GM John Dorsey not tipping hand for draft

KANSAS CITY, Mo. – Any hope of gaining behind-the-scenes insight on potential targeted by-name draft prospects will ultimately have to wait until next week’s NFL Draft.

Feb 21, 2014; Indianapolis, IN, USA; Kansas City Chiefs GM John Dorsey during the 2014 NFL Combine at Lucas Oil Stadium. Credit: Brian Spurlock-USA TODAY Sports
Feb 21, 2014; Indianapolis, IN, USA; Kansas City Chiefs GM John Dorsey during the 2014 NFL Combine at Lucas Oil Stadium. Credit: Brian Spurlock-USA TODAY Sports

Chiefs general manager John Dorsey held his pre-draft news conference Friday, and he wasn’t offering information when it came to the 23rd pick overall.

“The best available player,” Dorsey told reporters with a grin when asked who the team planned on taking with the 23rd pick overall.

Still, how Dorsey approaches the draft isn’t a surprise. And anybody truly looking for specifics must possess a Jason Bourne-like Level 5 security pass or be a member of the Chiefs organization.

What Dorsey did discuss with reporters surrounded two major themes, namely taking care of the team and having patience.

“You do what’s in the best interest of the Kansas City Chiefs,” Dorsey said. “A man told me once never pass up a good player. But if I can acquire some additional picks in a draft that could or could not be deep then I’ll do that. I’m going to do what’s in the best interest of the Kansas City Chiefs future.”

When it came to not rushing blindly into the fray, Dorsey said it’s best to not push the issue when looking at the draft board, allowing the flow to come to the Chiefs.

“I don’t think you can rush the judgment,” he said. “There is a degree of patience. Sometimes let it come to you, if it comes to you good things may happen.”

Dorsey said there are roughly 150 to 175 players currently on the Chiefs’ draft board.

But the general manager, who spoke of a “wish list,” indicated the Chiefs could be looking specifically at four players with the 23rd pick, depending on what happened on Day One of the draft.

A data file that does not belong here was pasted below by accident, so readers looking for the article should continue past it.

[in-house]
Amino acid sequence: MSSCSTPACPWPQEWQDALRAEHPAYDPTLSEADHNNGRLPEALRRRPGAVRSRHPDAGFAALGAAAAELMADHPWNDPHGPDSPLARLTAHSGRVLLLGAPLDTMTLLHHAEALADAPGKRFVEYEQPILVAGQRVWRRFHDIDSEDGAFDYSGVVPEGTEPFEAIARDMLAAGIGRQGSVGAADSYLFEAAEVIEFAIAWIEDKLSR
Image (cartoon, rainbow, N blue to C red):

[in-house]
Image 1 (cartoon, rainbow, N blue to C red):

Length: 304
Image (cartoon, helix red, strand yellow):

“I think there is a certain pocket there,” Dorsey said. “It’s really interesting to me that you can narrow it down to a group of about four that you think. It’s so hard to predict when you’re sitting in the back there in to 20s or the 30s of who is going to fall to you because so many different scenarios can occur in this process.”

What the Chiefs do or don’t do also depends on their current selection status.

The team enters this year’s draft without a second-round pick, holding just two selections within the top 100 slots (1.23, 3.87).

Asked about the lack of a second-round pick, Dorsey pointed out part of that is due to acquiring quarterback Alex Smith, who comes off a Pro Bowl season, in an offseason trade with the San Francisco 49ers last year.

Dorsey also re-emphasized a point he’s made throughout the offseason. The Chiefs will keep options open, by “doing due diligence” with all 31 teams when it comes to seeking potential trade partners to acquire additional draft picks.

“Who’s to say in fact we won’t have a second-round pick?” Dorsey said. “It’s one of those scenarios all of sudden you’re on the clock and you get phone calls because this player or this player is there. And then you have to weigh the value of the players vs. the compensation that’s being offered, then you make those decisions.”

In the meantime, six days remain until the 2014 NFL Draft.

The Chiefs are apparently ready to tackle it, going through scenarios in the event a player the team covets falls to them or should the phone ring with a potential trade partner.

“We’re in the final preparation of plans in putting this thing together,” Dorsey said. “Right now you begin to play the hypothetical games.

“You begin to not only look horizontally, but you look vertically and then you begin to narrow your choices down. Then you have to build in those hypotheticals too, what happens if you decide to trade up, what happens if you decide to trade back as well, so you have to factor that in.”

Notes: Dorsey said he did not watch Alex Smith’s commencement speech at the University of Utah, but heard about it … “I’m sure he did a fine job,” Dorsey said of Smith … The extra two weeks waiting for the draft doesn’t affect how the Chiefs approach the draft, but Dorsey said it’s important to “not overthink it” … The added benefit of the longer wait for the draft is an opportunity for the Chiefs to catch their breath … “I think it gives you a little bit more time to relax and recharge, just sit back,” Dorsey said.